It is true, of course, that there were changes. Jesus himself had introduced some of them (Mark 7: “all things are clean”) and others would be introduced through the course of events (the resurrection leading to the transfer of the Sabbath from Saturday to Sunday — an implication of the version of the 4th commandment in Deut. 5!), the end of other celebrations related to the Mosaic ceremonial cycle (New Moons, etc.). But, it is clear, very clear, in the NT that these changes were changes in form only, not in substance. Paul was happy to have Jewish Christians continue circumcision; he didn't even make an issue of Gentiles being circumcised until the Judaizers began to insist on it for the sake of a false principle of justification. This is an enormously important point!
One's view of the Sabbath today, the obligation of the 4th commandment hangs on this point. [A recent sermon by a prominent PCA pastor — a fine man!] Was the 4th commandment abolished — did one of the creation ordinances and only one of the 10 commandments fall out of the will of God without any teaching to that effect in the NT — or did the day change in form only — from Saturday to Sunday to mark the accomplishment of redemption, in the same way, for example, circumcision changed its form to baptism which retained the same spiritual signification that circumcision had always had (Paul in Col. 2:11-12). Indeed, knowing what we know of the crisis in NT Christianity, we would absolutely predict that just as baptism was fine for Jewish Christians so long as circumcision was still also required, so the Sunday Lord's Day would be fine so long as the Saturday Lord's Day was also required. Such is exactly the impression given of the controversy in Romans, Galatians, and Colossians. Nothing substantial, nothing essential, nothing in principle has changed at all — the same faith, the same salvation, the same worship of the same God for the same reasons — only the forms have changed to mark the new day of the church and to clear the deck for the Gentile epoch.
But, if that is so, then we are left with the fact that what the Jewish Christians couldn't bear to give up was not a theological principle, for no principle had to be given up, but a spiritual culture with which they were familiar and which they loved. To put it very simply, they were used to things being done a certain way and they did not want to have to change their ways, especially for a bunch of Gentiles. They did not want to give up their distinctive pattern of thought and life and, in particular, given the larger numbers of Gentiles, they did not want to see their spiritual culture overwhelmed by another. They were fighting, like Christians have fought in the ages since, for what was familiar to them and what gave them a sense of mastery and superiority in life.
That makes the story of this crisis in the NT very much more human and much more relevant to ourselves. For we too have a spiritual culture and it too can stand in the way of changes that need to be made and of the acceptance of folk who ought to be accepted without reservation in the church.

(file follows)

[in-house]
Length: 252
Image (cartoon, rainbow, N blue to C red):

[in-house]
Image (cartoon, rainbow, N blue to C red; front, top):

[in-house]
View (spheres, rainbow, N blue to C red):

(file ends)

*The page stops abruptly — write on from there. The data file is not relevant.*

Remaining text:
What Peter and Paul said was that Gentiles didn't have to embrace a Jewish culture to be Christians in good standing and further that Jews didn't have to abandon their culture either. All that was required was a fundamental change of loyalty at the worldview level and an embrace of the life of faith as Holy Scripture taught it.
Cultures are extraordinarily powerful influences — that set of practices, beliefs, products that shape the worldview of a people. Why, for example, do people in our culture generally think that polygamy is wrong but have no particular difficulty with a man having several wives or a woman several husbands so long as they have them one after another. It is a cultural difference that frowns on African polygamy but accepts serial marriage.
Or why do even American Christians have a worldview that pretty much leaves out angels and demons except when they are in Bible study, while other peoples in the world have no difficulty embracing that part of the Bible's teaching and making it a part of their every day view of the world and their own lives? Koreans pick out this omission in American Christianity very quickly because their cultural worldview has spirits in it. It is a cultural difference, opening one people up to an idea, closing another people to the same idea.
I heard a lecture from a Korean missionary once. He pointed out that the Anglo culture is a rules and bylaws culture whereas most cultures are not rules and bylaws but relationship cultures. He said that in 25 years in Korean sessions, presbyteries, and general assemblies he had never seen a rule book or heard one referred to, even though they have them and had never seen a copy of minutes though they take minutes. In such a culture you would never do what is often done in a PCA General Assembly, shout down a speaker with a point of order. Now, no one can say that the Bible teaches us that Anglo culture is right and Korean is wrong in this particular respect. But, the Bible does teach us to appreciate how powerful these forces are, how offensive a culture teaches you to find another culture's way of doing things.
This is what was going on in the first century — just what goes on today. Jewish Christians who couldn't bear to see their way of doing things passing away! So powerful was this force that it led them to embrace even heresy in order to defend and maintain their spiritual culture. Finally the culture was more important to them than the gospel — preserving their rites and ceremonies, the view of themselves as the center of God's interest in the world was more important than believing God's word and obeying it.
We'll treat Acts 10-11 from that vantage point over the next several Lord's Day evenings, Lord willing.